Real-World CFM Needed
We are in the process of remodeling our kitchen. One of the sticking points is the range hood.
Our range is a Monogram all gas 48 inch with the grill and the griddle. The main reason for the choice of size was the two ovens. It is doubtful that any large number of burners would ever be on high, and the griddle will probably be used occasionally (based upon our use of the griddle in our last house) and the grill will probably be used even less often.
Monogram recommends 1000 CFM for ventilation. I am not worried about the burners themselves causing problems, as our past range with five burners, three of them almost as large as on the Monogram, never caused issues. The vent in my old house was a consumer Broan that never gave an issue sucking the smoke from the griddle (or anything grilled in the Grill-O-Vator ... or whatever it was called ...i loved that O-Keefe and Merit range).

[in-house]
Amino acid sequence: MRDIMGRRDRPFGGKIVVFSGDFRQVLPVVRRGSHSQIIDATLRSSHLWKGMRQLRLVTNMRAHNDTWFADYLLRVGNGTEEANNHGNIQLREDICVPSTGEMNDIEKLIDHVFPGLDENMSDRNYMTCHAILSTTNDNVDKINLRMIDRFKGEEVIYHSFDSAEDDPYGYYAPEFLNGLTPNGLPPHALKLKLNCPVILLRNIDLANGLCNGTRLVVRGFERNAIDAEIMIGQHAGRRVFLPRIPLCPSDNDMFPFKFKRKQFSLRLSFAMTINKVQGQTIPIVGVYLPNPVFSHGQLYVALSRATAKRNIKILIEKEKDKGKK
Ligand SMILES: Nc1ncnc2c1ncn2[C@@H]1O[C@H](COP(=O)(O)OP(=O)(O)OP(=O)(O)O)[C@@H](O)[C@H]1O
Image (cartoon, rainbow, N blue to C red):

I am curious, especially since many consumers use those electric indoor grills, if that much is truly necessary fir the grill. I know a grill can put out a lot of smoke, but I know that even 600 CFM is a LOT of air movement. Would 600 be adequate for a grill, or am I being stupid for even considering it?
In a related question, if I do go with a 1200 CFM blower (such as the Imperial Dual blower model inserts) ... would I have to run two eight inch vents through the roof? Imperial recommends against combining the exhaust vent pipes.
If it helps, one of the things I am trying to avoid is problems with replacement air. My house is from 1958 but has had all the windows and doors replaced with vinyl. Water heater and furnace are located outside; gas dryer is in the garage. Fireplaces are rarely used and both are gas logs.